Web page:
Kevin On Kabaret - Men of August
Recently, in scanning the schedules to see what is upcoming in the clubs, I was surprised to see Adam Sank performing in a cabaret act entitled, "Mama, I Want to Sing Showtunes: A One 'Mo Show" at the Duplex. Adam Sank, the gay stand-up comic?
"Actually, I grew up doing musical theater from a very young age," Sank told me. "I was in 'South Pacific' at age eight, I was young Patrick in 'Mame' when I was ten, and I was a newsboy in 'Working' when I was eleven. That was always the dream, that I would be a singing actor on Broadway."
However, when Sank was in college, he realized he had never actually trained for such a career, and seeing his contemporary musical theater stars in action, he didn't feel quite up to snuff. "It wasn't until over ten years later that I started going to Rose's Turn and started to sing with Michael Isaacs at the piano." Isaacs serves as musical director in the new show.
One-man show with music
Describing the show, Sank says, "This is more a one-man show with music. There are five songs in the show-three of which I sing-and snippets of others."
"There's a part of the show when I sing 'Corner of the Sky' from Pippin, one of the first songs I ever learned," he said. "I do get nervous because it's an iconic song and I'm not supposed to be funny."
Sank further explained, "Stand-up is all about not getting too serious-if you can get them to laugh, you are safe. Maria Gentile, who directs, kept telling me to stop making a joke." He paused. "It paid off. People I've known since high school have told me they cried a few times during the show."
I asked him if this points to new directions for his career. "I've always been up for anything," he said. "If someone sees me in this and wants to cast me in a dramatic role in a straight play or film or television show, I'm all for it. Theater has always been my first love."
"Where everything connects for me is in the writing," he continued. "Funny or serious, it all comes down to telling a story, and this is a complete story with a throughline."
During the show, Adam re-tells one of his very first jokes, when he announced to his mother that he was quitting his day job to be a comedian. That was back in September 2003, and he's been headlining around the country and appearing on radio and television ever since.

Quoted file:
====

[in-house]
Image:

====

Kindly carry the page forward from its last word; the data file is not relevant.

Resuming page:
Sank acknowledges that the world of stand-up has changed since he's been doing it. "I missed the comedy boom by about fifteen years," he said. "In the late '80s, everybody was getting sitcom deals. I don't think those days will ever come back."
He notes that the market was oversaturated back then, and now there are thousands in New York alone trying to make it in stand-up.
"Making it big in stand-up today is like winning the lottery," Sank said. "But you can make a living at it if you are willing to hustle and go on the road. And now, even though there isn't as much stand-up on television, there is a lot of opportunity for punditry. I was on all ten episodes of VH1's 'I Love the 2000s'!"
There are also unique challenges to being a gay stand-up comic. "Gay men aren't particularly fans of stand-up. We want to have sex with men, but we want to see women on the stage."
Adam Sank reprises his cabaret one-man show this month at The Duplex on Thursdays, August 14 and 21. I will be there, to see and hear the evolution of this multi-talented man. . . .
First show in a decade
When I was coming up through the cabaret ranks in the '90s, one of the most respected and talented male singers on the scene was Tom Andersen, a young man with a shimmering tenor voice who could sing almost any style and was also an award-winning songwriter. In all, he won five Bistro and five MAC Awards, and most recently won a Nightlife Award for his country-flavored trio show with Scott Coulter and Tim Di Pasqua.
Andersen is now returning with his first solo show in almost a decade. I wondered where he had been and why he had dropped off the scene.